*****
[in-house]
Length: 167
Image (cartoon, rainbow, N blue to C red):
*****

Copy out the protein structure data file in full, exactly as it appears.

[in-house]
Length: 167
Image (cartoon, rainbow, N blue to C red):